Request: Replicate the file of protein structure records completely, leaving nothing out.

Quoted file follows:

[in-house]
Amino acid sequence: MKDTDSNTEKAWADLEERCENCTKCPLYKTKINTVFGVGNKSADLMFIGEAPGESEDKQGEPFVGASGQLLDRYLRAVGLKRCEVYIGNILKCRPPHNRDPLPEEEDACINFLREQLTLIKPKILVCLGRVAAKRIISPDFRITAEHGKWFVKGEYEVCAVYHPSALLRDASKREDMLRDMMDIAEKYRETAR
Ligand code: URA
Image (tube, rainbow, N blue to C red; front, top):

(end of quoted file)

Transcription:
[in-house]
Amino acid sequence: MKDTDSNTEKAWADLEERCENCTKCPLYKTKINTVFGVGNKSADLMFIGEAPGESEDKQGEPFVGASGQLLDRYLRAVGLKRCEVYIGNILKCRPPHNRDPLPEEEDACINFLREQLTLIKPKILVCLGRVAAKRIISPDFRITAEHGKWFVKGEYEVCAVYHPSALLRDASKREDMLRDMMDIAEKYRETAR
Ligand code: URA
Image (tube, rainbow, N blue to C red; front, top):